Jonas Åkerlund’s film gives viewers two well-worn assassin narratives for the price of one.
Like Jennifer Lopez herself, Peter Segal’s Second Act attempts to wear many hats.
Dog Days remains committed to coloring within the lines of established tropes in the animal-centric family film.
Writer-director Ron Krauss’s film is wretched long before its odious ulterior motives come to light.
The films that Robert Rodriguez emulates here are known for similar unexpected narrative turns, but the crucial value that he misses is their actual cheapness.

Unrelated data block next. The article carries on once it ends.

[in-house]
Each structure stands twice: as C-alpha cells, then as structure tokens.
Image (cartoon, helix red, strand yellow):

Jonathan Glazer’s peculiar film is the most original feature at Toronto, and possibly of this year.
Taste and good intentions are only going to get one so far with a script this tone deaf and direction this ugly and monotonous.
One of the effects of Harmony Korine’s feverish, hypnotic style is that the whole thing feels like a fantasy—or rather a nightmare perversion of the American dream.
There’s so much more to love here, and even more to digest further.
The sheer absurdity of much of the film’s plot provides the bulk of the entertainment.